From Sight and Sound (Spring 1990). -– J.R.
ENEMIES, A LOVE STORY
‘Although I did not have the privilege of going through the Hitler holocaust, Isaac Bashevis Singer ironically begins his Author’s Note, ‘I have lived for years in New York with refugees from this ordeal. I therefore hasten to say that this novel is by no means the story of the typical refugee, his life, and struggle. Like most of my fictional works, this book presents an exceptional case with unique heroes and a unique combination of events. The characters are not only Nazi victims but victims of their own personalities and fates. If they fit into the general picture, it is because the exception is rooted in the rule. As a matter of fact, in literature the exception is the rule.’
Forewarned is forearmed: Singer’s tragi-comic 1972 novel is a holocaust story, but a far from typical one. Set in New York in 1949-50, it focuses on a Jewish survivor named Herman Broder who finds himself living what amounts to three separate, if sometimes distractingly overlapping lives as a direct consequence of the holocaust’s traumatic upheavals. In Coney Island, he is married to Yadwiga, his former maid in Poland, a non-Jew who kept him alive during the war by hiding him in a hayloft, and who now happily waits on him hand and foot. Herman tells her he is a travelling book salesman who has to spend much of his time in remote American cities. But in fact he ghosts speeches for a wealthy Manhattan rabbi, and is carrying on a torrid affair with Masha, another holocaust survivor, married but separated, who lives with her mother in the Bronx.
It’s a fairly manageable arrangement — at least until Herman discovers that his first wife, Tamara, whom he had heard was killed along with their two children by the Nazis, is alive and well in Manhattan. Herman makes no attempt to conceal his second marriage from Tamara, and before long she learns about Masha too, but wisened and battle-weary from her life in the camps, Tamara makes no marital claims on her husband, serving instead as his friend, adviser and occasional lover. Masha, however, who knows about Herman’s marriage to Yadwiga, is beset with jealousy, and wants to marry him as well, largely for the sake of her mother. Eventually, Herman finds himself with three separate wives in three separate New York boroughs.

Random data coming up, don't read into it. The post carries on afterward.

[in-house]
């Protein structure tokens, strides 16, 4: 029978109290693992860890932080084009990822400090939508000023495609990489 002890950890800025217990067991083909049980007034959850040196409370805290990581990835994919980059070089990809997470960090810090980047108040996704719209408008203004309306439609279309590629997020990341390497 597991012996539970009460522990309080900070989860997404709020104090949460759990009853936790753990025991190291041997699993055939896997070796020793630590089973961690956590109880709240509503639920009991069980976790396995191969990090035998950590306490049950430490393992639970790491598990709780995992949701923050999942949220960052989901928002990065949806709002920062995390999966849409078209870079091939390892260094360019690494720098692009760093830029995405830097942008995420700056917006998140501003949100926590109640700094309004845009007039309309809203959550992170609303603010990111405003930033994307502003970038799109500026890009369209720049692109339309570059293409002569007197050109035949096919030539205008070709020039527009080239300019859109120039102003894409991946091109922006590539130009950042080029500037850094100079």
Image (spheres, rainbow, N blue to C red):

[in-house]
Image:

The comic side of this situation makes it prime material for a film-maker like PauI Mazursky, but the no less tragic undertones would seem to make it an unlikely subject for a writer-director whose usual stomping ground is the contemporary, upwardly mobile middle-class. From Bob & Carol & Ted & Alice to Down and Out in Beverly Hills, Mazursky has been the staunch defender and celebrator of American bourgeois values, for all his fascination with various kinds of ‘deviance’. Despite periodic efforts to dramatize the dissatisfactions of his usually well-heeled characters that suggest a desire to break out of boulevard comedy, Mazursky generally follows Hollywood formula by coming down squarely on the side of conventional values after extended weekend flirtations with transgression.
All of which leaves one quite unprepared for the absence of glibness in Mazursky’s first real adaptation, Enemies, a Love Story (Fox) –- an exception in his career that does not quite become the rule (by altering one’s judgment of his earlier films), but which does an exceptional job of trying. While he and co-writer Roger L. Simon have needlessly broadened some of the farcical and/or caricatural elements of Singer’s novel — the hamminess of Alan King’s first scene as the rabbi; the contrived comic complications to Herman and Masha’s holiday in the Catskills — they have in general stuck to the tone of the original. And thanks to a superb cast — Ron Silver (Herman), Anjelica Huston (Tamara), Margaret Sophie Stein (Yadwiga), Lena Olin (Masha) — much of the complexity and nearly all the poignancy of Singer’s conception is well served.
What is mainly missing is Singer’s richer sense of the characters — Tamara’s former activities as a Communist and Zionist, Herman’s paranoid revenge fantasies, and the tangled underpinnings of Masha’s suicidal impulses — although the story’s slightly amended conclusion could arguably be defended as an improvement. What remains is Singer’s beguilingly deceptive structure, which begins by positing Herman as the hero of the tale –- cynically defeated in his emotional indecisiveness, though hardly unsympathetic — and then gradually allows his three wives to overtake him, mitigating and eventually subverting most of the story’s male-chauvinist fantasy capers as the trio steadily grow in strength and prominence. Although practically all the story is told from Herman’s viewpoint, he literally vanishes from the plot by the final scene, and it is a crucial part of both Singer and Mazursky’s uncommon achievement that he isn’t missed at all, either by the characters or the audience.